There’s nothing worse than signing up for a program without knowing the rules, the expectations and how much it’s going to cost. (And “cost” could mean dollars, time, energy or all of the above.) Before embarking on a thought leadership program initiative, make sure you’re ready to invest what it takes to get the return you expect.
Like any other initiative, thought leadership requires research, resources and a strategy. We’ve touched on the dos and don’ts of thought leadership and corporate thought leadership versus executive thought leadership in previous posts. Once you’ve done your due diligence, however, it comes down to a bit of final reflection and decision making.
- Do you have something useful to say? As an entrepreneur/founder/executive you undoubtedly have a multitude of experiences and creative approaches to overcoming challenges. But do you have a core set of ideas you want to double-down on or a rich vein of ideas that’s sustainable to mine for the long-term? Making it up as you go along is different than having spontaneous thoughts but just missing the time or words to communicate them. There should be a solid strategy in place with your topics–whether they’re mapped out for months at a time or occur to you in the spur of the moment–so they roll up to a platform that’s recognizable as you.
- Do you have a specific audience in mind? As much as we’d like to think our words and thoughts have the broadest possible appeal, “everyone” is not a target audience. Who, specifically, needs to hear your message in order to enact the change you want to see? It doesn’t have to be a formal process, but you should have a persona in mind for the ideal consumer of the content you’re producing. Not only does that help you refine your thinking but it helps define the outlets that are going to be most receptive to and most helpful for disseminating your message.
- Do you have a defined goal? Thought leadership requires dedication. It’s a long game and may at times feel repetitive, but without commitment and consistency you won’t build the audience and the momentum you need to take off. Which means you need to set a target for yourself. As you reach different milestones, that target can evolve to keep you motivated, but without something to strive for and reasons to celebrate along the way, it becomes too easy for your thought leadership efforts to falter and any progress or gains you’ve made to backslide.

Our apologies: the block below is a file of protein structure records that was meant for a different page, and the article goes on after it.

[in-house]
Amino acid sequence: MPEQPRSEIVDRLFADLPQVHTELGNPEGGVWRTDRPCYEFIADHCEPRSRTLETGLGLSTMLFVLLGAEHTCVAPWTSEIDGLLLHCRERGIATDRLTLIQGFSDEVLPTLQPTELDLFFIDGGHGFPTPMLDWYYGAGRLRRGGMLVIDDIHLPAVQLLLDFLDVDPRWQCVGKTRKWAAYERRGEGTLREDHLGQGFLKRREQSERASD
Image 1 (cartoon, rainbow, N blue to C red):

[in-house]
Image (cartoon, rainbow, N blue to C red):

- Do you have the patience to do this? It’s important to be honest with yourself here, for the sake of respecting your own time and energy as well as that of any internal or external partners helping you with your thought leadership efforts. If you’re going to be easily distracted by other projects, already have too many other time commitments on your calendar or value the quick wins over things that may take several weeks to manifest, think about a) what you’re willing to shift to make this a priority or b) if your energy is better spent in other areas.
The goal here is not to dissuade you from pursuing executive thought leadership. On the contrary, it’s to help frame executive thought leadership the way it should be viewed: as a reflection of you as a professional, as a leader, as a role model. People follow when there’s a plan, a path and a purpose. When you can deliver on those, you’re setting yourself up for success.
This post is the final in a three-part series about building your professional brand through executive thought leadership.
- Explore our first post on the Dos and Don’ts of establishing thought leadership.
- Review our second post on the difference between corporate thought leadership and executive thought leadership.
Curious to learn how SalientMG can help you define and deliver on your executive thought leadership goals?